Stylometry is the application of the study of linguistic style to written documents - besides literary or qualitative analysis, modern stylometry leverages the power of natural language processing (NLP) and statistics. What if this was combined with machine learning (ML) techniques to discern any commonalities between "good" and "bad" literature? i.e. determine the "written habits" of good writers?
NLP, statistical stylometry, and ML are all complex topics, hardly coverable in a short article. Therefore, many details have been left out for the reader to investigate further. Instead, the aim here is to provide a brief overview along with an example of the process of doing "data science", that being a very generic term used to describe a wide variety of approaches and theories.
The specific framework described in this article is statistical learning, along with a basic explanation of how the ML approach of cluster analysis could be used as a starting point to investigate the question of "what makes up 'good' writing?" From this basis, a system could then be designed to aid in the process of reducing the "slush pile" of publishing houses in an automated fashion.
The major phases of any data science work are
- A) data collection and cleaning it up (aka data munging)
- B) analysis of the data
- C) building and validating models of the data
- D) visualization of the results
Explaining how to create visualizations is an entire set of articles, so only the first 3 steps are discussed below.
Data collection and munging are tedious steps, but necessary - the goal is to 1) get the raw data into a basic and uniform format (e.g. plain text files) and 2) to ensure consistency in the data (e.g. no extraneous text like appendices). Exactly what sort of munging is performed depends on the type of raw data and how problematic it is. Technically, this was straightforward work, but not very interesting as cleaning up text files is not complicated. This phase is typically more than 50% of the entire amount of work in a data science project.
"50 Shades of Grey" and "War And Peace" were the first two books that came to mind. Others used were "Pride and Prejudice", "The DaVinci Code", "A Christmas Carol", and "The War Of The Worlds" - books with a known quality that subjectively seemed to define a range.
Then some random books from Project Gutenburg were used to fill out a sufficiently large enough data set: "The Sexy Lady", "Dave Dawson With The Pacific Fleet", "The Sexy Lady", "The Eye of Alloria" and "1st To Die". The result of all the data processing was ASCII files, with all the sentences on one line (some NLP tools treat line breaks as periods, for example).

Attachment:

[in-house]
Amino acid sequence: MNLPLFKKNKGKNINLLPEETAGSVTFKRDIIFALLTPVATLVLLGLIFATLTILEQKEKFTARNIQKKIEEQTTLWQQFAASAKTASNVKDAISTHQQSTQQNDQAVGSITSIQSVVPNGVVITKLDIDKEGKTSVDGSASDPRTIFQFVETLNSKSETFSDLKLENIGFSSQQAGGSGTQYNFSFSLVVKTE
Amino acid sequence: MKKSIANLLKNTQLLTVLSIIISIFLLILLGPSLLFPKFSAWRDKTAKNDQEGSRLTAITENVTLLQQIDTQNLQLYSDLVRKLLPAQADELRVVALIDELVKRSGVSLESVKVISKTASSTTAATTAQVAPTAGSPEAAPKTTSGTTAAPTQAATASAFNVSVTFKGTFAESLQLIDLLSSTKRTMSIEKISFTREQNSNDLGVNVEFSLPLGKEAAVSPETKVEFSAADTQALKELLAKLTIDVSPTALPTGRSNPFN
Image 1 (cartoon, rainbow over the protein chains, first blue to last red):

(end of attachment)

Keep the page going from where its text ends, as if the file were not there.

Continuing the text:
With this standardized data, a few NLP tools (based on Python's Natural Language Toolkit) were then used to calculate different statistics. Some are obvious ones to use, such as the percentage of different parts of speech (adverbs, nouns, adjectives) or the size of the vocabulary.
But others are specific to linguistics - 'readability' is a notable one. There are actually several different formulas for "readability" that use different measures, such as the number of polysyllable words or the average sentence length. These formulas reduce the measures into a single number that relate to the (US based) grade level needed to comprehend the text.
Some more examples of the statistical measures calculated were:
- filler_ratio (words that don't add much meaning: e.g. very, much, just, actually)
- stopword_ratio (stopwords are words such as 'it' or 'the')
- noun_cluster_ratio (3 or more consecutive nouns)
- passive_voice_ratio (% of sentences using the passive voice)
How could these statistics be used in finding commonalities between "good" literature and also distinguish "bad" writing? This is essentially a classification problem; one ML technique for solving this is k-means clustering. K-means clustering works by, for each data point, determining the "distance" of it to an arbitrarily selected central point that denotes a cluster. Through an iterative process, the set of optimum central points is determined such that the total "distance" from each to each of the data points within that cluster is minimized. "Distance" is in quotes because each data point is actually a vector composed of the statistics.